The data has been collected and it is official: Energy production in the United States set a record in 2022.
Total U.S. energy production last year was 102,748 quadrillion British thermal units (quads) compared to the previous record set in 2019 at 101,486 quads, according to figures released by Energy Information Administration (EIA) this week.
Fossil fuels accounted for 79.2 percent of the energy production followed by renewables at 13 percent and nuclear at 7.8 percent. Production of fossil fuels in 2022 was 81,354 quads, renewables at 13,347 quads, and nuclear at 8,046.
Crude oil and natural gas were the largest energy producers in the U.S. each having banner years.
Crude oil production in the lower 48 states and Alaska totaled 11.883 million barrels per day (b/d), which was exceeded only in 2019 with 12.315 million b/d. Add in natural gas liquids of 5.883 million b/d and total field liquid production set a record of 17.766 million b/d compared to 17.140 million b/d in 2019.
Gross withdrawals of natural gas also set a new record last year with 43,370 billion cubic feet eclipsing the previous record of 40,780 billion cubic feet in 2019. U.S. natural gas production has increased steadily since 2008 when gross withdrawals were 25,636 billion cubic feet.
Wind and solar had good years, too, both setting new consumption records. Wind energy consumption in 2022 was 3,845 trillion Btu, breaking last year’s record of 3,344 trillion Btu. Solar consumption totaled 1,870 trillion Btu last year beating the 2021 total of 1,519 trillion Btu. Other energy totals in 2022 classified as “renewables” were hydro-electric at 2,317 trillion Btu, wood 2,045 trillion Btu, bio-fuels 2,410 trillion Btu. Total energy consumption from renewables in 2022 was 13,121 trillion Btu.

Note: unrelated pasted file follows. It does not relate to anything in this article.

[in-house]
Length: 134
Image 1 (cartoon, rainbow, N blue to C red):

Especially good news from EIA’s data is the U.S. continued to be a net exporter of energy. In 2022, net exports from the U.S. increased to 5,920 quads surpassing the previous record set in 2021 at 3,616 quads.
Last year was the fourth consecutive year that the U.S. was a net exporter. From 1950 (the first year EIA began reporting trade data) until 2019, the U.S. was a net importer of energy. During the years between 2000 to 2008 net imports peaked between 24,000 quads to 30,000 quads each year.
Ironically, America’s energy might arrive 50 years after Arab oil producers decided to use the “oil weapon” against the U.S. because of its support of Israel. The embargo began on Oct. 19, 1973, and resulted in a series of production cuts causing the price of oil to increase from $2.90 a barrel to $11.65 a barrel.
The embargo ceased in March 1974, but higher oil prices remained along with a declining economy, rising inflation, threats to our national security, and gasoline lines.
Today, America’s energy security is much stronger than 50 years ago because of America’s increased energy production.
Alex Mills is the former President of the Texas Alliance of Energy Producers.
Alex Mills is the former President of the Texas Alliance of Energy Producers. The Alliance is the largest state oil and gas associations in the nation with more than 3,000 members in 305 cities and 28 states.